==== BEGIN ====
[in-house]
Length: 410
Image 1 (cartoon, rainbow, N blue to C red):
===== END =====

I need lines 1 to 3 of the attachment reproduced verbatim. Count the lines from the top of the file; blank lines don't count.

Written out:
[in-house]
Length: 410
Image 1 (cartoon, rainbow, N blue to C red):